Museums of Boston
By Cliff Calderwood
As the premier historical city of the U.S.
east coast you’d expect Boston to have its fair share of museums
for residents and visitors alike. And Boston does not disappoint.
I’ve been told there are over forty major
museums in Boston and the surrounding area — I haven’t visited
them all… yet. But I’ve made a large dent in the collection
and I’ll share six of my family favorites with you here and
let you know what to expect.
Museum of Fine Arts– MFA:
The Museum of Fine Arts, Boston is
one of the oldest art museums in the United States. It first
opened its doors on July 4th, 1876 – the centennial birthday
of the nation – with a collection of about 4,600 pieces of
art. Today the building on Huntingdon Avenue in The
Fenway area houses about 450,000 works. The MFA continues to
have aggressive plans for growing exhibit space and collecting
works, and is a must visit for art lovers and connoisseurs
A visit to MFA is an all day immersion into
art in its many forms from past and present cultures. Expect
to see traditional European masters and ancient world artifacts
from Egypt and classical Greek and the Roman period, along
with displays of musical instruments and a highly regional
textile exhibit. And when you need a break from staring at
artifacts in glass cases or paintings on walls, relax in the
popular Japanese garden or the garden court.
The collections are split over two floors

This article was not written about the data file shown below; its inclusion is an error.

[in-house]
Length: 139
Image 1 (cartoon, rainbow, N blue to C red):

with most American exhibits on the first floor and European
galleries on the second – African and Asian collections are
shared between the two levels. But within these two floors
is fine art of the familiar and the not so familiar. Yes, you
can see the Impressionist school and the Dutch and Italian
masters but there’s plenty to delight for followers of the
American schools and Native American art.
Make a point when passing through the domed
rotunda to look skyward and take in the magnificent murals
painted by John Singer Sargent during the last
years of his life.
The MFA reserves plenty of gallery space
for special and traveling exhibits and to get more information
on current offerings visit their website here.
Museum of Science:
This is one of the more popular museums in
Boston and a great place for families. We visit it at least
once a year – sometimes more if the Mugar Omni Theatre has
a not-to-miss IMAX film, or a special exhibit is visiting
town such as Body
Worlds 2 or last year’s Darwin
The Museum of Science, Boston encompasses
a wide range of topics in its exhibits. Creatures and wildlife
are as generously represented as the mechanical or technology
sciences. Popular permanent exhibits include the Theater of
Electricity – experience the awesome power of lightening – Mathematica
where you can enjoy the beauty and wonder of mathematics – and
the fossils and life size dinosaur exhibits. Lots of interactive
experiences and stuff to touch for young and old in the blue
wing of the building.
Be sure to check out the Computer exhibit
which contains the original displays from the Computer Museum
of Boston which the MOS took over in 1999. And for those fascinated
with astronomy the Charles Hayden Planetarium has
daily shows exploring the wonder of our solar system and the
The green wing is for nature enthusiasts
and is as good a place as any to learn about New England habitats
and the animals who call it home. A number of live shows are
given throughout the day with staff so you can get up close
and personal to reptiles and exotic animals and ask questions.
The museum has an interesting web site with
a trip planner and a full list of current and upcoming exhibits
and you can find it here.
Boston Children’s Museum:
Located at Fort Point Channel on Congress